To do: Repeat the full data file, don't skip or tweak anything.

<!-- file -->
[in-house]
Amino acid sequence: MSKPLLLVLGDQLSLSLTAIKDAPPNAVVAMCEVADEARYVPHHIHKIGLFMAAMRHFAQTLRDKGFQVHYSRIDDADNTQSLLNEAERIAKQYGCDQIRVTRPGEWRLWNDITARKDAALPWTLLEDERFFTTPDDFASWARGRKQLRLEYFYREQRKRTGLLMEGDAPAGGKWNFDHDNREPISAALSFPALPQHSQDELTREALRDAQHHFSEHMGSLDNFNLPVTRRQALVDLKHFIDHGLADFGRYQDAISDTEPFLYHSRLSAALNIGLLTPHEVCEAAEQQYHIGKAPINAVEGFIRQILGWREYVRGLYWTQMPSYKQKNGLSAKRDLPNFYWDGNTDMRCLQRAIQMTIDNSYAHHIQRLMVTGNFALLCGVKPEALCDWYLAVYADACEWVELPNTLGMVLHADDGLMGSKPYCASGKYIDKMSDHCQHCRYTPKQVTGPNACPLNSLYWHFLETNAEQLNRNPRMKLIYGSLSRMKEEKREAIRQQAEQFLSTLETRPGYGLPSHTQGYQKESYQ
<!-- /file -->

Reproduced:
[in-house]
Amino acid sequence: MSKPLLLVLGDQLSLSLTAIKDAPPNAVVAMCEVADEARYVPHHIHKIGLFMAAMRHFAQTLRDKGFQVHYSRIDDADNTQSLLNEAERIAKQYGCDQIRVTRPGEWRLWNDITARKDAALPWTLLEDERFFTTPDDFASWARGRKQLRLEYFYREQRKRTGLLMEGDAPAGGKWNFDHDNREPISAALSFPALPQHSQDELTREALRDAQHHFSEHMGSLDNFNLPVTRRQALVDLKHFIDHGLADFGRYQDAISDTEPFLYHSRLSAALNIGLLTPHEVCEAAEQQYHIGKAPINAVEGFIRQILGWREYVRGLYWTQMPSYKQKNGLSAKRDLPNFYWDGNTDMRCLQRAIQMTIDNSYAHHIQRLMVTGNFALLCGVKPEALCDWYLAVYADACEWVELPNTLGMVLHADDGLMGSKPYCASGKYIDKMSDHCQHCRYTPKQVTGPNACPLNSLYWHFLETNAEQLNRNPRMKLIYGSLSRMKEEKREAIRQQAEQFLSTLETRPGYGLPSHTQGYQKESYQ